• Sex: Overly concerned with modern sexual practices.

Admittedly I’m so reactionary I make Joseph de Maistre look like a Wymyn’s Studies professor, but that list looks like “How to be an SJW in 9 Easy Steps” to me.

Saving the best for last: Purity.  Remind me: Who is it that’s always passing new rules on what you can eat, watch, hear, say, and think?  I’m pretty sure that, weirdo status whores like Rod Dreher aside, elaborate ritual purity rules are entirely a Leftist thing.  Show of hands: When was the last time you threw, attended, or even heard about a backyard barbecue where someone had to make sure to get soy dogs and gluten-free veggieburgers?  The Left is so all-in on Brahminical purity that they take positive pride in never having read things they disagree with.  They know with metaphysical certainty, for instance, that the “Sad Puppies” are bad writers… and they know this, according to their own words, because they’ve never read the writers in question.

See what I mean?  If I had to adapt Haidt’s theory to the real world, I’d say something like “Liberal morality is based on endlessly congratulating oneself for believing one only cares about care and fairness, using the other three to prop up this entirely unwarranted self-regard.  Conservative morality, on the other hand, pays attention to all five equally.”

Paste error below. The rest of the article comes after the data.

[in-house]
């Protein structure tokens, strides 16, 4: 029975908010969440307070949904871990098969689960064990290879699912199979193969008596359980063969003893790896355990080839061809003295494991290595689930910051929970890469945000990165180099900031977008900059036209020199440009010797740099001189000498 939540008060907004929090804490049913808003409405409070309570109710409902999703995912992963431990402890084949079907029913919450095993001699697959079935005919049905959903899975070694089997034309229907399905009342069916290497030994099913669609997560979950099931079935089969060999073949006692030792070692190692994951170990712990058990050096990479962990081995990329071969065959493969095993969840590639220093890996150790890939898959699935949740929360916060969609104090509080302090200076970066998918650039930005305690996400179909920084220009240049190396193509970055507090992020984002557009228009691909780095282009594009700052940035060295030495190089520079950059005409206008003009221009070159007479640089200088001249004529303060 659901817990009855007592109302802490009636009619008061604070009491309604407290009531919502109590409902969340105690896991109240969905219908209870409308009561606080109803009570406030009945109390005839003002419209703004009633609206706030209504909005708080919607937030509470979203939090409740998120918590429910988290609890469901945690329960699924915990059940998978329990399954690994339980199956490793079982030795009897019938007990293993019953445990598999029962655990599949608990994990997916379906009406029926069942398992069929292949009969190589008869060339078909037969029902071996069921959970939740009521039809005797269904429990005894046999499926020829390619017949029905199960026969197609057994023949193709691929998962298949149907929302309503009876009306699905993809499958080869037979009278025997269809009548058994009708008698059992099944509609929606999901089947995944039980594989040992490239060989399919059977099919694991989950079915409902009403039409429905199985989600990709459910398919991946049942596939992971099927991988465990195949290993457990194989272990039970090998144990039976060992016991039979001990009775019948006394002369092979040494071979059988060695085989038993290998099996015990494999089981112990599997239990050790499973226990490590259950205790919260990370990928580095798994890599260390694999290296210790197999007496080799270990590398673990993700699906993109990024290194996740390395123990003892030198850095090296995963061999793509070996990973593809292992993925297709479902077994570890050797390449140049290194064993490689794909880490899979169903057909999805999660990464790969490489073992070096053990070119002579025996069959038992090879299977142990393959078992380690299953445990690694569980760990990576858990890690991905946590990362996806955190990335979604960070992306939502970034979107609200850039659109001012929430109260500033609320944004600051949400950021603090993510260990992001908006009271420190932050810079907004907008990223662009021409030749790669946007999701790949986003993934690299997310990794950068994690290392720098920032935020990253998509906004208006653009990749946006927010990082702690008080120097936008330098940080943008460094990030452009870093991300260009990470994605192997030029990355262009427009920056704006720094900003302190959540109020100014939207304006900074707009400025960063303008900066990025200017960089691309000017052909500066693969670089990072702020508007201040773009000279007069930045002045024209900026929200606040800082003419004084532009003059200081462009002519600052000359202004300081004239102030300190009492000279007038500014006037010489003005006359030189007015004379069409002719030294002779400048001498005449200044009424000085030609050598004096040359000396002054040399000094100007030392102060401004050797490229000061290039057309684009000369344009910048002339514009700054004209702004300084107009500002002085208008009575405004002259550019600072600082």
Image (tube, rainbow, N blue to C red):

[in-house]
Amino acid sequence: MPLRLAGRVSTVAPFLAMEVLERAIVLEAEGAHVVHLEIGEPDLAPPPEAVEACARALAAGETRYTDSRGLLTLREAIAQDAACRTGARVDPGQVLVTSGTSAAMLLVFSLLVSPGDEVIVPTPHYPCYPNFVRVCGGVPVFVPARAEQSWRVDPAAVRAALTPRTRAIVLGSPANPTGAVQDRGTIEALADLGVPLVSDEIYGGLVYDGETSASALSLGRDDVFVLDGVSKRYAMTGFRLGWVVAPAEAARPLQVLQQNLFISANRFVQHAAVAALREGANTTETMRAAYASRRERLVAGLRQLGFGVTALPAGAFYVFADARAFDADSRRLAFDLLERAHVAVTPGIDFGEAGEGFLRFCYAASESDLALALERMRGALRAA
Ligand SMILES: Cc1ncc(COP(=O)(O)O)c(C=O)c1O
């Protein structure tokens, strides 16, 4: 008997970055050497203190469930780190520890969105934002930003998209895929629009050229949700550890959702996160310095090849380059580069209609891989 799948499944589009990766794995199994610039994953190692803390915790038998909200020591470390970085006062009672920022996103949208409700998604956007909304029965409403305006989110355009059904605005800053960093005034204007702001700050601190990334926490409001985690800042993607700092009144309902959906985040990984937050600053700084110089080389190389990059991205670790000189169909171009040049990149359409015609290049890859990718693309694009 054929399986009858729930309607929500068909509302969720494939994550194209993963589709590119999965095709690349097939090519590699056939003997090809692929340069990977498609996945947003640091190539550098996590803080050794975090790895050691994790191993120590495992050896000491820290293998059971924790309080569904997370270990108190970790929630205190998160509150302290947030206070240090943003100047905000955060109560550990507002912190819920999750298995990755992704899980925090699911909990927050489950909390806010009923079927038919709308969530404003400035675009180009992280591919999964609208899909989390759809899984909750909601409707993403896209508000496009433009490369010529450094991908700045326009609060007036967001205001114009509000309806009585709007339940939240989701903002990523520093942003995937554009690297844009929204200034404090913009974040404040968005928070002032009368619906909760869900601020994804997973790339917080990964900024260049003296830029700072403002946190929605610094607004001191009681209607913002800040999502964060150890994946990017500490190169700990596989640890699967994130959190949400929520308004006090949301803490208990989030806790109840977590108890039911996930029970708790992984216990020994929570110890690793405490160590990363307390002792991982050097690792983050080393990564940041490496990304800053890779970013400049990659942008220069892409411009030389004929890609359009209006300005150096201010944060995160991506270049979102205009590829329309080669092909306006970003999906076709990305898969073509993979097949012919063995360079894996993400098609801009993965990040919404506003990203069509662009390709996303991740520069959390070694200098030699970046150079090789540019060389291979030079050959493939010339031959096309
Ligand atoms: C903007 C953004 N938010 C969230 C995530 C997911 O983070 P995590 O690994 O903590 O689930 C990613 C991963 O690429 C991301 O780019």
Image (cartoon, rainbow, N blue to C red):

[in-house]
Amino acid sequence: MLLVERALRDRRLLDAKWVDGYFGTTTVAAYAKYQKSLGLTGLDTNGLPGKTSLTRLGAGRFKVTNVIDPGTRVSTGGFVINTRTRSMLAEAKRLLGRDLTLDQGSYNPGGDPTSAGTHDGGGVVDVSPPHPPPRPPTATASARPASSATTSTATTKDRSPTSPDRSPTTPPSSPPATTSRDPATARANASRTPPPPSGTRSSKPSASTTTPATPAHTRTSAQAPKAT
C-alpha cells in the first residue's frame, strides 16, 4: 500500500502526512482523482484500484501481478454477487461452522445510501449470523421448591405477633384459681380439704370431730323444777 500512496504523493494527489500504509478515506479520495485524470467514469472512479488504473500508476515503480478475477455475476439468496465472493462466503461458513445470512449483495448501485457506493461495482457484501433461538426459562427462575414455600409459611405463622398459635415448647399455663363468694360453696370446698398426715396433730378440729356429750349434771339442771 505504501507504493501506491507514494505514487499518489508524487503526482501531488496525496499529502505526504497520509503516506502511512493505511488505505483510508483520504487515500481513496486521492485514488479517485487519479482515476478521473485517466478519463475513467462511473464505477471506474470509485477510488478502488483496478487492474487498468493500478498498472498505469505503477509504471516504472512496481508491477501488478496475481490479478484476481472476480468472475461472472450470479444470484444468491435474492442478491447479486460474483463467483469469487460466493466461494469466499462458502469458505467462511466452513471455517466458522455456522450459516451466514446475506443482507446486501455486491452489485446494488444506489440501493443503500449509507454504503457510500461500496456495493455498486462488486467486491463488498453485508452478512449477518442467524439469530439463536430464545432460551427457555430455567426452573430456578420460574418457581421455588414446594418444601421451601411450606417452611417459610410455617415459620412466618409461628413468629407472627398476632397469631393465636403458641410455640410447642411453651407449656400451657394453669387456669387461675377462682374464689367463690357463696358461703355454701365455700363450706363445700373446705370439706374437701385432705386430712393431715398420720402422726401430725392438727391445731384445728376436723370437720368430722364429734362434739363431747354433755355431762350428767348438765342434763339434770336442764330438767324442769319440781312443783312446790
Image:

Either that, or I’d say “Left” and “Right” are all but meaningless these days…. but that’s a rant for another time.

 

 

*How’s this for an unintentionally revealing statement?  Wiki on Haidt: “Haidt himself acknowledges that while he has been a liberal all his life, he is now more open to other points of view.”  Well, better late than never, right?  Though one wishes it took less than earning a PhD, teaching several generations of students, and writing a big book of psychological theory to get liberals to finally open up to other points of view.

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Book Recommendations: Weimar Republic